“Cinema for the Climate”: Environmental Crisis through Camera Lens
The Hong Kong French Film Festival collaborated with Greenpeace East Asia to hold a special movie screening of Animal and a roundtable discussion today.
Dr. Benoit Guenard and Dr. Janet Chan from the University of Hong Kong were invited to the roundtable discussion with the students. Students raised questions on multiple environmental issues and discussed solutions to alleviate the problems.
To celebrate the 50th anniversary of the HKFFF, the movie screening was held in Hong Kong City Hall. The HKFFF aims at promoting public engagement in creating positive impacts on the community and raising the public’s awareness of the environmental crisis. To achieve this, the HKFFF has curated a new series of movie screenings from today to 14 December, named “Cinema for the Climate”, taking the opportunity to connect with youngsters through this outreach programme.
Tom Ng, Campaigner of Greenpeace, said this cooperation is a valuable opportunity to raise awareness among youngsters.
“Through this cooperation with the HKFFF, we would like more people, especially the younger generation, to be aware of environmental issues such as climate change and water resources,” he said.
There are a total of 170 students from more than 10 faculties from different educational institutions, including the University of Hong Kong, the Hong Kong Baptist University, the Education University of Hong Kong, the Hong Kong Academy for Performing Arts and the French International School. University students mainly come from the “French language", "Film and TV Directing" discipline who are interested in French culture and cinema.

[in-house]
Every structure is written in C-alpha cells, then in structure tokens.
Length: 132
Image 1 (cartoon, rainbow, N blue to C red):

Directed by Cyril Dion, “Animal” is part of the “Cinema for the Climate” selection in this year’s edition of the Cannes film festival. The film is about young campaigners and their stories of travelling around the world to search for another way of living alongside other species, as co-habitants rather than predators.
“It’s an enjoyable experience,” said Helen Law, a year 2 HKBU student. “I think the movie explains what we have learnt in lectures in an interesting way.”
Angie Leung, another year 2 HKBU student, agreed with Law. “The film and the roundtable discussion have touched on so many issues like overfishing and abattoir. I learned a lot,” she added.
The public ticketing of other screening sessions has already started. There are more than 110 screenings of 26 latest French movies and 27 all-time classics. The public can make their purchases through the official website of HKFFF.
《The Young Reporter》
The Young Reporter (TYR) started as a newspaper in 1969. Today, it is published across multiple media platforms and updated constantly to bring the latest news and analyses to its readers.
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